There are many programs available that deal with similar concepts around having the difficult, critical, crucial, fierce, non-violent conversations.
We in wealthy nations live in a post modern, pluralistic world, where the unwritten code is non judgement, non violence, happiness, and all things sugar and nice. I am not anti these things, I just know that all of these things come through wearing a monological lens.
I have known since I was very young that this world is not the way it is. There are times that we need judgment, we need sorrow, and we may also need violence. At core I believe in the good in people, and have been aware of my naiveté in this area at times.
However, after one incident where I was stalked for several weeks, and then three home invasions whilst my infant daughter and I slept, I decided it was time I learnt to defend myself. I took private classes in self defense. My wonderful instructor was passionate about supporting people in becoming able to take care of their physical safety. He insisted that I go beyond the hurting stage of infliction, and get into the maim and kill stage. Why? Because if I didn’t, I would never really ~get~ self defense. If someone attacks me with intent to do extreme violence, unless I am able to respond quickly and to the extent my opponent is seriously hurt, or worse, then I am not defending myself. In the process of crossing this threshold and looking into my own ability (or not) to inflict serious harm, or to kill, I had to look at the part of myself that can do this, or is afraid of doing this. I had to make friends with my shadow.
To the extent that we deny the shadow aspect in ourselves is the extent that we live a half life with fear as our ruler.
I know I am able to kill and I know I would if it was a life or death situation. Heavy words. Heavy topic. The paradox is that because I am no longer a victim around my own self defense, it is unlikely I will ever be attacked. I do not project weakness or fear of any form in this way. I have looked my shadow in the eye and integrated that part of me.
(Just to be very clear, I would use violence as the very last resort, and only in extreme situations.)
Gandhi was a great role model for modern society. One of the few. The question is- would his methods of non violence have worked in Nazi Germany?
Using the Integral model and exploring stages of development, the Amber ethnocentric stage of Nazi Germany’s development was not the same as the stage India under British rule was at when Gandhi practiced non violence. The British were at a more pluralistic Green stage, which afforded a very different response. Under the rule of tyrants of the level of Hitler, Mugabe et al, I am not so sure that Gandhi’s non violence would have been the best strategy. Idealistically, I would like to believe that he would have been able to turn the situation around through non violence, however, he would have been more likely to end up a statistic much earlier.
Dare to Care recognises that people are at many stages of development, neither right nor wrong, good or bad. That as a master communicator, we must adapt our communication to suit the stage we are communicating to. Even further, that we must adapt the way we are present in our thinking and being according to the stage we are speaking to. There is no one right way. There is only the way to speak and respond depending on the audience and the environment.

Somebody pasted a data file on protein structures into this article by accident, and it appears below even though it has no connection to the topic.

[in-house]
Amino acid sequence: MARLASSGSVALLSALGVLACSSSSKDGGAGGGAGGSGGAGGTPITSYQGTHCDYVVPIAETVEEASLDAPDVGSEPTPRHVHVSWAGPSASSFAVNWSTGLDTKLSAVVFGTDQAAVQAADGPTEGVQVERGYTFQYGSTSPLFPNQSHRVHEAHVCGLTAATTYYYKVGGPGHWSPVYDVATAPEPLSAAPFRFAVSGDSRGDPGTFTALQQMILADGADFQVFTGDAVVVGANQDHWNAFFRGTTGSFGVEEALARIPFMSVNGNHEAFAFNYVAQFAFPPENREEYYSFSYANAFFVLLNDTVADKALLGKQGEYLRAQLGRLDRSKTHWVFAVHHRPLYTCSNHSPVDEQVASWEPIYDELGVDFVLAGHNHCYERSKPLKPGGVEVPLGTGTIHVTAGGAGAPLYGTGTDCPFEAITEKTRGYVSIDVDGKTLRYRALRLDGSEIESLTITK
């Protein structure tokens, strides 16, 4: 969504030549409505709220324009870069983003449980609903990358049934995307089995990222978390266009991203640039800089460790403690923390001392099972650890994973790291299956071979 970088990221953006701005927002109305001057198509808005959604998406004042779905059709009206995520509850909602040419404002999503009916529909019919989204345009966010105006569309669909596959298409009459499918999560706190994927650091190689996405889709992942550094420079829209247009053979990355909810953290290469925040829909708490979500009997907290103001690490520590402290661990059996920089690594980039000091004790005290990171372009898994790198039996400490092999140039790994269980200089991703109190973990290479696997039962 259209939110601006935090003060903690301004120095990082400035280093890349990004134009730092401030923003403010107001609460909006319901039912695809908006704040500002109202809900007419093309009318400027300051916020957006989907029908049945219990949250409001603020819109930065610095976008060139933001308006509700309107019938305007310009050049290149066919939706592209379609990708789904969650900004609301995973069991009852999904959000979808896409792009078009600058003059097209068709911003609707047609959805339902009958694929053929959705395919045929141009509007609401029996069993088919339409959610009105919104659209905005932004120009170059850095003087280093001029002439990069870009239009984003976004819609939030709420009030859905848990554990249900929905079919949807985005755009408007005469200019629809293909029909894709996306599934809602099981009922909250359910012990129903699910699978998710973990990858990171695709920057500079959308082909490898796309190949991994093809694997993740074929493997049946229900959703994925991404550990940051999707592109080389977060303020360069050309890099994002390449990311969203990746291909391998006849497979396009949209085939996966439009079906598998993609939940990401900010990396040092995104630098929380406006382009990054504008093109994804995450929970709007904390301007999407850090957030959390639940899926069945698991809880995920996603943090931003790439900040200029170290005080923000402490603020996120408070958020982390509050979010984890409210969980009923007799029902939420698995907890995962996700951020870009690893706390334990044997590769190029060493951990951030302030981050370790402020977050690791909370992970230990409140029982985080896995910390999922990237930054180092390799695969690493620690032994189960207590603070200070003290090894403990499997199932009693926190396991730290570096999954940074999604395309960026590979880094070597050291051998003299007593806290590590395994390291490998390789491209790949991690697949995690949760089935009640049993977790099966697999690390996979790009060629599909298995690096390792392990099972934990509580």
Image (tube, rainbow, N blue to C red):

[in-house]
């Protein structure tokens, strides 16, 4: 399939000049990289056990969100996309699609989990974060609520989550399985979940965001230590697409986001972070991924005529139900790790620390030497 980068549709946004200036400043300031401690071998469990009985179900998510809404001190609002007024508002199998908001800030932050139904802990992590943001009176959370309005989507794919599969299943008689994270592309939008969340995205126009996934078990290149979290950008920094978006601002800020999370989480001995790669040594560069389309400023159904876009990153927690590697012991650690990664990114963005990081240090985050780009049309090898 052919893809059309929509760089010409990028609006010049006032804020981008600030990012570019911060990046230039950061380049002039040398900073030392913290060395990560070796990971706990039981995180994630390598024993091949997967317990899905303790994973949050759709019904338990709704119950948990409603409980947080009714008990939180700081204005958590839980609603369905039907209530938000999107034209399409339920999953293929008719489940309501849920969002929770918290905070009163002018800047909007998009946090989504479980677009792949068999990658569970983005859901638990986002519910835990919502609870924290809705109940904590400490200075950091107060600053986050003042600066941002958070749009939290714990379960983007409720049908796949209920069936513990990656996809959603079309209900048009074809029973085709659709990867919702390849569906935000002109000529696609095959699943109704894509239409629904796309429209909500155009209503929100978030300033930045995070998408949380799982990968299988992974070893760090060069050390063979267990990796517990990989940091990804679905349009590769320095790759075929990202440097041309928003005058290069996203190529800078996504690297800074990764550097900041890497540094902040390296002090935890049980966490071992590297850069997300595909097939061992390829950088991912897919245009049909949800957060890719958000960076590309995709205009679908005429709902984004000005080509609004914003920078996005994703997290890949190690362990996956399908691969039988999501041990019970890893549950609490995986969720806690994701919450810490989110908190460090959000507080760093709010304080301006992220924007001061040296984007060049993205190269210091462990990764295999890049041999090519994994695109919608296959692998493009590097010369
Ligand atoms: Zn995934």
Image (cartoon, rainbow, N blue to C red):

Judgement is not bad. I need to make judgements for my safety and survival. If a large man is showing malicious intent towards me I better make a very quick judgment about my situation. It is when I judge for the sake of my ego – for feeling better than or right that I could well do to examine my judgements.
Being nice is not always the best way to serve people. If you have someone who can’t sing to save themselves and you tell them they are OK at singing because you don’t want to hurt them, or knock them in any way, that is not being of service to them. That is colluding with them in denial. Yes, there are ways to tell them, some better than others, which is exactly what we teach in Dare to Care.
I need to care enough about you, to not care about what you think of me. That is a great act of service. And serving the other is exactly what Dare to Care is about.
It requires us to speak what is true, and to know the difference between truth and our ego. And to do so with exquisite care and compassion, willing to step into the domains of passion, sadness, anger, and even violence. If I am unable to say NO to someone, with complete alignment, and using the maximum force of my character, then I am going to remain a push over, indecisive, without back bone.
Learning to speak truth from an Integral frame is what Dare to Care is all about. As people begin to move from the post modern, pluralistic world, into the post post modern integral world, discovering along the way that at times violence, judgement, strong opinions, criticism and sorrow have their place, they will need to learn to speak with clarity, heart and an absence of ego, from that place, relevant to the audience and environment, and in the spirit of service. They will need to Dare to Care.
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